h a l f b a k e r y
On the one hand, true. On the other hand, bollocks.
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The next time we land rovers on the moon or Mars, let's drop
a package that contains:
1) 3D printer
2) Solar panels
3) initial printing mass
4) robotic shovel/grinder
It just harvests dust/rock from the surface over time to build
whatever we want! No more sending up
tons of mass on
With enough heat (from solar energy sources), we could melt
rock for the printer material.
Not enough energy? Create reflectors & position more &
more of them to slowly build up a solar-thermal plant with
the trickle you have from the initial panels.
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||First thing I suggest you build is a 3D printer
maintenance machine, capable of replacing the tips.
Melted rock could be a little hot.
||Is your 3D printer capable of oil-quenching steel?
||RayfordSteele, yes, of course. It's a thought-
||But, I love the spirit of RepRap (I'm sure you know
already, but those who don't can look it up).
||So, essentially, if we need a maintenance machine,
that's one of the first things this would build.
||If we launch several of these "kits" onto a planet, in
6 months intervals, we could take the learning from
one & apply it to the next one, so it knows better
what to build first, & next, etc.
||The laser-sintering type of 3D printer might be
suitable here. Moon rocks CAN be sintered, I think,
because they are all igneous, not sedimentary.
||Vernon: Yes, extruded or sintered, not sure what
might work best. But, just send both in the next
kits then. If we send up small mass kits every 6
months, we can refine the package. It would still
stay small, with the benefit of getting most of it's
mass from the destination, & only need to ship it's
"smarts + minimal startup materials"
||//Moon rocks CAN be sintered, I think, because they
are all igneous, not sedimentary.//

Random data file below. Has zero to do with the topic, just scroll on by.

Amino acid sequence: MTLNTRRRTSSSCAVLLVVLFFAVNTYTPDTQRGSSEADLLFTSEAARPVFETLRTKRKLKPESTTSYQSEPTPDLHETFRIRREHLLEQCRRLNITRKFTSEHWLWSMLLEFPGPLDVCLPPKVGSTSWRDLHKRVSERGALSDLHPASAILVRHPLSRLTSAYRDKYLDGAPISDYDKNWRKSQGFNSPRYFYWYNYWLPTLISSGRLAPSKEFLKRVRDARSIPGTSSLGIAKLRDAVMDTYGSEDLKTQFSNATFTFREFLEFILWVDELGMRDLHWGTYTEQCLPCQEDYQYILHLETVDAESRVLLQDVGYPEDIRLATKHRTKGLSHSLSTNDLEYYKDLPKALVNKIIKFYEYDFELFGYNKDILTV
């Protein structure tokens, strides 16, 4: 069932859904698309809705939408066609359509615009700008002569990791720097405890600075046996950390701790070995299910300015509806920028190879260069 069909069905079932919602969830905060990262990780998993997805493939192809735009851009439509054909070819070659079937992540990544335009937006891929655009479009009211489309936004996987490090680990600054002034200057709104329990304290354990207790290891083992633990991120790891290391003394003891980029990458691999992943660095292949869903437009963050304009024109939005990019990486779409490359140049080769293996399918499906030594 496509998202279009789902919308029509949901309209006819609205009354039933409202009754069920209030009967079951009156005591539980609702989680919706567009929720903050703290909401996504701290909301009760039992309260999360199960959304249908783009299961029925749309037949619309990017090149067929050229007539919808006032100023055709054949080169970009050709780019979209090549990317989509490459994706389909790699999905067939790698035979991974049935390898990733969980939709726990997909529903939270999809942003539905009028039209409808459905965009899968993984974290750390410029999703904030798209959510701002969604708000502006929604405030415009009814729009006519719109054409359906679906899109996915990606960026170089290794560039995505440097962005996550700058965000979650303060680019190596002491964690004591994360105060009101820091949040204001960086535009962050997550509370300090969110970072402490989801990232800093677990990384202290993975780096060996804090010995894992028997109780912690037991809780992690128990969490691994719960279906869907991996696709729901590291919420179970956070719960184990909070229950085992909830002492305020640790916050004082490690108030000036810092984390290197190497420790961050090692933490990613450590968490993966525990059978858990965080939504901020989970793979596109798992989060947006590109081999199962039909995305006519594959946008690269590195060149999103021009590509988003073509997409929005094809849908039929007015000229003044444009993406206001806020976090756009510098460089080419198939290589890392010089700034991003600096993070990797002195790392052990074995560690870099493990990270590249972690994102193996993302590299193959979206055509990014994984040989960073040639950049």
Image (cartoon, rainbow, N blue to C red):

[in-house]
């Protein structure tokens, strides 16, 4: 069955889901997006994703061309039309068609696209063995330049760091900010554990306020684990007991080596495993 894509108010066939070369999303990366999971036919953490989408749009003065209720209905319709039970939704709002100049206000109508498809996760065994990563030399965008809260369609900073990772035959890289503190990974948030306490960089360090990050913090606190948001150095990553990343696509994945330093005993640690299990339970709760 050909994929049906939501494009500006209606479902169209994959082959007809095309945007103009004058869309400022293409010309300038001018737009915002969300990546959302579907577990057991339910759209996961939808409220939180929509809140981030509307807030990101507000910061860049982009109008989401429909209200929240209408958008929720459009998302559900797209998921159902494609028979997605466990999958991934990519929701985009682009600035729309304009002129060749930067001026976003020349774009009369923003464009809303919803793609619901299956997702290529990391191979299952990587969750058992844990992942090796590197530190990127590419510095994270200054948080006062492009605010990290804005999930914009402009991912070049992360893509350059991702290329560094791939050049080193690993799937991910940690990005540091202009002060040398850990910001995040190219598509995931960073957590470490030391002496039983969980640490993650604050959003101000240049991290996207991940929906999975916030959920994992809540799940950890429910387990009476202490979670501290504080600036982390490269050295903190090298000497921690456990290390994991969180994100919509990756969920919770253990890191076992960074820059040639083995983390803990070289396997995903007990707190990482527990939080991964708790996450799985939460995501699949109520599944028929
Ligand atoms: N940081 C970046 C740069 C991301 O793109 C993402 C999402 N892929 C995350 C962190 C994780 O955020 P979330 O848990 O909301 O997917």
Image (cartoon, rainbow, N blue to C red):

||Why would their igneosity make them any more
sinterable than sedimentary rock?
||Igneous rocks have been melted before, and
sintering involves melting.
Sedimentary rocks have grains that aren't really
stuck together tightly. Metamorphic rocks are
sedimentary rocks that have been subjected to
heat and pressure, and they should be more
too --but since the Moon never had an
environment supporting sedimentary-rock
formation, it won't have any metamorphic rocks,
||Perhaps I should have mentioned meteorites on
the Moon, though. Most of them will be igneous,
also (when they aren't made of metal, or are
carbonaceous chondrites). A few may
be sedimentary or even metamorphic, because
they will have come from some place like Earth or
Mars, where such rocks can form. But they will be
quite rare, compared to all the igneous rocks.
||I think you can cement the dust using Sulphur. I read
this in an engineering periodical only yesterday.
||Find a deposit of mercury compounds, melt some, electrolytically separate the mercury and gases (I'm guessing about the gases), and now you have fluids to work with.
||I think you need fluids (and maybe a bit of gravitation) to extract energy from hot stuff, mechanically?
||Alternatively build an open "air" silicon wafer plant, expanding from that to lunar solar panel manufacture.
||Trying to bootstrap like this makes sense to me. Beyond some point, it would start to become self-sustaining, and from there, carrying on the do something similar to other moons and planets is a much smaller next step. (There's already some pastry up there from a previous visit.)